We are creating spaces for science using NYU’s well-established, innovative mix of bringing on some new space, repurposing and renovating some existing space, and making the most of what we have.  Capital planning for the 10-year period that began in 2016 includes:

370 Jay St: The renovation of a nearly 500,000 square feet building in Downtown Brooklyn that has been designated LEED Platinum.  It will house – in addition to Tandon’s Computer Science and Engineering Department and the Department of Electrical and Computer Engineering –programs that foster collaborations between disciplines and emphasize the intersection of science, technology, engineering, media, and the arts, including

  • Tisch’s Interactive Telecommunications Program, the Clive Davis Department of Recorded Music, and the Games Center
    Steinhardt’s Educational Communications Technology program and its Music and Audio Research Lab, and 
  • The Center for Urban Science and Progress, MAGNET (our cross-school gaming initiative) and the Games Innovation Lab, and the Integrated Digital Media program
  • Three Tandon incubators: the Digital Futures, Urban Futures, and Data Futures lab

Rogers Hall: 200,000 square feet of laboratory space at the engineering school’s principal lab building are receiving much-needed renovations and a major investment in infrastructure.  New labs are being built for:

  • Chemical and Biological Engineering
  • Biomedical Engineering
  • Civil and Urban Engineering, and
  • Mechanical and Aeronautical Engineering

The Silver Center: Several renovations are underway in the academic complex on the east side of Washington Square in support of the physical sciences.

  • The renovation of 50,000 square feet of space to create new lab space for the Chemical Biology Initiative (made possible by the relocation of 34,000 square feet of non-lab program).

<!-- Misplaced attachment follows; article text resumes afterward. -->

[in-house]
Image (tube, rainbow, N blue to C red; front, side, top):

• Planning is underway for the much-needed phased renovation of some 54,000 square feet of teaching labs for students

Biomedical Engineering: The new Department of Biomedical Engineering will be located both in the area of the 1st Avenue Health Corridor – where we have our Medical, Dental, and Nursing schools -- and in Rogers Hall in Downtown Brooklyn. New labs in the latter will be undertaken in the next phase of renovations.

Neural Science in the Meyer Building: The University will continue the renovation and expansion of space for the Center for Neural Science and the Psychology Department, furnishing an additional 55,000 square feet and the capacity to hire new researchers in an expanded hub for brain and cognitive sciences.

726 Broadway: Renovations of 100,000 square feet in 726 Broadway completed in 2018 provided a brand new location for the entire Physics Department.  The new location increases their space by approximately 70%, substantially decompressing and expanding their research labs.

  • The renovations permit the recruitment of new physicists in the area of quantum materials and hard condensed matter physics, and free up additional space in Meyer for Neural Science.
  • Our longer-range plans for 726 Broadway involve moving additional administrative offices out of the building and renovating some 100,000 square feet of space for additional research.

These efforts represent an academic investment of approximately $1 billion over the ten-year period ending in 2025, providing NYU with considerable opportunities to expand and improve our scientific enterprise and increase our overall research footprint.

From Here to 2025

Here are my hopes for NYU -- that by 2025 we have set in place a creative strategy that leverages our strengths, adds new faculty lines, and makes effective investments in facilities that enhance faculty members’ ability to carry on research; that we improve science education and inspire more undergraduates to pursue a lifelong career in science, medicine, and technology and engineering; and that our University emerges as a leader in areas of intersectional opportunity that not only will attract and inspire talented faculty and students, but yield important discoveries and breakthroughs that positively affect humanity.

I hope this update is helpful.  Your feedback is welcome. I look forward to sharing updates on some of the other University priorities over the coming months.

Andrew Hamilton